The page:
This article demonstrates a simple wrapper class for playing video files with the new DirectShow Video Mixing Renderer 9.
In DirectX9, multimedia applications can use a new video renderer to display decoded frames, but this renderer is not the default renderer for compatibility issue. On Windows XP, the default renderer is the VMR7, but on older Windows version it's the Video Renderer. The main difference is performance and overlay mixing capabilities: as older renderer use different versions of DirectDraw API (even older API for the Video Renderer), the VMR9 is based on DirectX Graphics, so it uses the Direct3D capability of your 3D video card. The result is an improved performance on recent 3D cards, better support of overlay mixing, compatibility with all Windows versions that support DirectX9, and some new capability such as de-interlacing and ProcAmp support (contrast, saturation, etc.).
So the new VMR9 looks great but it's not the default renderer, regardless of Windows version... We've to build it manually, and this is why I wrote this class.
What you need...
To run the demo, DirectX9 runtime has to be installed on your system, which must have a Direct3D compatible display adapter. To build, DirectX9 SDK must be installed on your system. The source code was created under Visual C++ 6 SP5.
All the tests I've made is on my WinXP box, running an ATI Radeon M7 (kind of Radeon 7500). As I can't check real compatibility with many other Windows releases and video cards, please try with your system and put a word in the forum.
Using the code
A first look
All of the DirectShow graph management and VMR routines are included in one class :
int NumberOfStream = 4);
void SetNumberOfLayer(int nNumberOfLayer);
BOOL SetMediaWindow(HWND MediaWindow);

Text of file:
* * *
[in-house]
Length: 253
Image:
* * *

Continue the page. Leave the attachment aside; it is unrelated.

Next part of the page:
BOOL SetMediaFile(const char* pszFileName,
int nLayer = 0);
BOOL PreserveAspectRatio(BOOL bPreserve = TRUE);
IBaseFilter* AddFilter(const char* pszName,
const GUID& clsid);
BOOL GetVideoRect(LPRECT pRect);
int GetAlphaLayer(int nLayer);
BOOL SetAlphaLayer(int nLayer, int nAlpha);
DWORD GetLayerZOrder(int nLayer);
BOOL SetLayerZOrder(int nLayer, DWORD dwZOrder);
BOOL SetLayerRect(int nLayer, RECT layerRect);
BOOL SetBitmap(const char* pszBitmapFileName,
int nAlpha, COLORREF cTransColor, RECT bitmapRect);
BOOL SetBitmapParams(int nAlpha,
COLORREF cTransColor, RECT bitmapRect);
For convenience, header and implementation files contains the DirectShow includes, Direct3D includes, and
pragma directives for
Step 1 : Building a simple player
Building a very simple video player is quite easy:
- Include VMR9Graph.h and VMR9Graph.cpp in your project,
- Add an instance of
CVMR9Graph in your application,
- Provide a window for video playback,
CVMR9Graph::SetMediaWindow(hMyVideoPlaybackHandle) to set the video playback window,
CVMR9Graph::SetMediaFile(0, pszPathToMyFile) to set the video file to render,
CVMR9Graph::RunGraph() to play video.
At this point video playback works but the video wasn't resized with your window...
Step 2 : Forwarding events
Your application have to tell to the graph when the video has to repaint or size:
- Create a handler for
WM_SIZE message and make a call to
- Create a handler for
WM_PAINT message and make a call to
You can notice that video playback preserves aspect ratio by default. You can change this by a call to
Ok, that looks much better... time to play with video mixing.